The UK’s Financial Conduct Authority (FCA) has fined former RBS trader Neil Danziger £250,000 (€281,700) and banned him from life from working in any regulated financial activity for his role in the Libor rigging scandal.
The scandal saw a number of banks fined for rigging the inter-bank lending rate a decade ago.
Danziger “routinely” made requests to RBS’s primary submitters intending to benefit the trading positions for which he and other derivatives traders were responsible.
He also entered into 28 so-called “wash trades” – risk free trades with the same party in pairs that cancelled each other out and for which there was no legitimate commercial rationale.
Their purpose was to make or facilitate brokerage payments to two firms of brokers in recognition of his receipt of personal hospitality, the FCA said.
The FCA found that Danziger was knowingly concerned in RBS’s failure to observe proper standards of market conduct and determined that he is not a “fit and proper person” because he acted recklessly and lacks integrity.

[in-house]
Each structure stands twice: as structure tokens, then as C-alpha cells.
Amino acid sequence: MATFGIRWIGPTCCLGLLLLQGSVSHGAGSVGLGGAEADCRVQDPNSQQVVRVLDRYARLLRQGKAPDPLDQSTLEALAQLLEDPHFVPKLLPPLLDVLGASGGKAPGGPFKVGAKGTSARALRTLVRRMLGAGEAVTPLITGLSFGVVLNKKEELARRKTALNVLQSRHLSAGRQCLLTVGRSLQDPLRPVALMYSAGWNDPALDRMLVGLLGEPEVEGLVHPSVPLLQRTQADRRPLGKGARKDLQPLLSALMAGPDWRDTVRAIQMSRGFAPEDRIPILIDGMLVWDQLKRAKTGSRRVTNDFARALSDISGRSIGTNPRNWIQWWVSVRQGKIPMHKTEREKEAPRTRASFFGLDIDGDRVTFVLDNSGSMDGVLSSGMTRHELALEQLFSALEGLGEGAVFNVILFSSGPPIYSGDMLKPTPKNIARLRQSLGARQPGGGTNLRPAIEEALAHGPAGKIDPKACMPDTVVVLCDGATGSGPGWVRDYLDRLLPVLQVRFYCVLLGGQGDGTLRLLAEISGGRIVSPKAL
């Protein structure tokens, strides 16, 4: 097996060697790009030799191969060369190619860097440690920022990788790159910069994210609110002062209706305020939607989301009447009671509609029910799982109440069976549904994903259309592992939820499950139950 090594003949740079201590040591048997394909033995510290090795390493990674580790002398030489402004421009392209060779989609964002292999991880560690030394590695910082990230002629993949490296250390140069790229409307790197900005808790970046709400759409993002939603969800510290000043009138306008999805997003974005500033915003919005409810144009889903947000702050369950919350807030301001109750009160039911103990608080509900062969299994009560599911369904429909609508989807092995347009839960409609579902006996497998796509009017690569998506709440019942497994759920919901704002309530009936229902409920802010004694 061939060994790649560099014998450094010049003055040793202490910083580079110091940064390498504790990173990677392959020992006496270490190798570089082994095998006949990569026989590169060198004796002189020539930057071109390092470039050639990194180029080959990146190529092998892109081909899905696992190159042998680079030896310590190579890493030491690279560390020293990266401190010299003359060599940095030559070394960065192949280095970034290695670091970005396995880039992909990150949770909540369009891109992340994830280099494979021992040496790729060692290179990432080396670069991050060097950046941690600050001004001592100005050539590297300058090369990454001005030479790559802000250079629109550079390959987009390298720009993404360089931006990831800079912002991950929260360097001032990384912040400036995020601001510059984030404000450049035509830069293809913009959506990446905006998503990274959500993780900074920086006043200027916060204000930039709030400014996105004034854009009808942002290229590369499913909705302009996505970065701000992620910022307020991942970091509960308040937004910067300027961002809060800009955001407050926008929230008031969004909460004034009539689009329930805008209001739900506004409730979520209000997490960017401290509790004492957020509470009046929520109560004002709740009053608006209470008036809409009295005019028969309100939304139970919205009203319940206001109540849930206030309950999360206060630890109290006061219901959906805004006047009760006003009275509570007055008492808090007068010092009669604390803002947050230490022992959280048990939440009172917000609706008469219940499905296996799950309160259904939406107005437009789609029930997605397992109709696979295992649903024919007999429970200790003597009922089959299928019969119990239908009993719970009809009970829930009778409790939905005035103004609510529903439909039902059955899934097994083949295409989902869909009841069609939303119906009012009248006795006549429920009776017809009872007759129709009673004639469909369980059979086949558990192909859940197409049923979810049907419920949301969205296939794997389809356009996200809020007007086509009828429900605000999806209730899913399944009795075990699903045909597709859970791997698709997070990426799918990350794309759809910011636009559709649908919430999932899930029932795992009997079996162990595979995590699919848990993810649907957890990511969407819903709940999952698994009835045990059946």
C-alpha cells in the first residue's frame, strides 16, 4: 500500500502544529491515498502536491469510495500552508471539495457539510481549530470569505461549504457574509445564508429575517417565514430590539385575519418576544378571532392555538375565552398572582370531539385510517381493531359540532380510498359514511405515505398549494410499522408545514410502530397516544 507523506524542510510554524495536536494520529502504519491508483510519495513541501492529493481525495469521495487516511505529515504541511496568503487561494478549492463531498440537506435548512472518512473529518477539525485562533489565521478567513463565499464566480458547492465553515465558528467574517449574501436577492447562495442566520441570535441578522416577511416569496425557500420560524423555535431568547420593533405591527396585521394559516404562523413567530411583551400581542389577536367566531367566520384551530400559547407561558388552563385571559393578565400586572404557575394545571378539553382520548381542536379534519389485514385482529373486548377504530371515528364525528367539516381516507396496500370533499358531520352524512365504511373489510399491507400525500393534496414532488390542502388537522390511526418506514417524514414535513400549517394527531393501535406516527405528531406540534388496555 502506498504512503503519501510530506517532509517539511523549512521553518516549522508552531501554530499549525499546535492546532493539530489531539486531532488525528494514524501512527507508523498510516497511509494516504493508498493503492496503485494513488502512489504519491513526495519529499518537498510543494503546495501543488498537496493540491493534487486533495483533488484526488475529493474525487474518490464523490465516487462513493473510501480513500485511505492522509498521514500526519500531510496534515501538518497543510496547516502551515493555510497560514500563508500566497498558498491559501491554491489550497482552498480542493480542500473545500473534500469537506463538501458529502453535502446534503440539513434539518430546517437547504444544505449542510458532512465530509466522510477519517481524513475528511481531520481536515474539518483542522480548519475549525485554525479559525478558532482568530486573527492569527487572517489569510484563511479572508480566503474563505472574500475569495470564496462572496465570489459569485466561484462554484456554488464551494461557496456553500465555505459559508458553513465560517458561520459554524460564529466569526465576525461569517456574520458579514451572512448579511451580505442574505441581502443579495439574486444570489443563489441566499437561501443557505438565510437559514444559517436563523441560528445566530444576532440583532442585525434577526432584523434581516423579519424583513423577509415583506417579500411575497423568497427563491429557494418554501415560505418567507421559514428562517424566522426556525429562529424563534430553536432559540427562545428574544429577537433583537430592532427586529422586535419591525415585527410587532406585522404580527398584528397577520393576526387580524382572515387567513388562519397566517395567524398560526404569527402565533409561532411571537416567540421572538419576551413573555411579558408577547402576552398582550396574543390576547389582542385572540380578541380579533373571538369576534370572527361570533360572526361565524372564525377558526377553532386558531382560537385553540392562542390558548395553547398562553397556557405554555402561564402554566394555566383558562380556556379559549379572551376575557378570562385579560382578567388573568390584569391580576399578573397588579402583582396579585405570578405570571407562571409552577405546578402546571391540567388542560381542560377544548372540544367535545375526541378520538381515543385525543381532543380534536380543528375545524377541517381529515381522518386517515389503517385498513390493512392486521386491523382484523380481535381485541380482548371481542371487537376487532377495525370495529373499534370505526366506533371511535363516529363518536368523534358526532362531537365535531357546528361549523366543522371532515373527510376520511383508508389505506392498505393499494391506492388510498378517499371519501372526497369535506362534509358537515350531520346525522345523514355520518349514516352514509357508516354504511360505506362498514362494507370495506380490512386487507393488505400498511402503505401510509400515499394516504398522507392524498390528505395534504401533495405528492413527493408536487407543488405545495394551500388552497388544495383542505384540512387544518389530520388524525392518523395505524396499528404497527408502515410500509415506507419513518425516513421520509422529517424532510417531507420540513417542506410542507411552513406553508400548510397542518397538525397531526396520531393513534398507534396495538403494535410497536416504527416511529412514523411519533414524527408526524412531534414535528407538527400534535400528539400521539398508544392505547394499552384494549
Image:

Mark Steward executive director of enforcement and market oversight at the FCA said: “Proper standards of market conduct reflect the interests of the whole community in the well-being of our financial markets. Mr Danziger’s reckless disregard of these standards has no place in the financial services industry.”
Danziger's lawyer, Ben Rose of Hickman & Rose, said: "Mr Danziger continues to dispute the FCA's findings and feels strongly that he is being scapegoated for the systemic problems relating to Libor.”
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